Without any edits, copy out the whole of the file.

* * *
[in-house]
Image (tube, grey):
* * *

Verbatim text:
[in-house]
Image (tube, grey):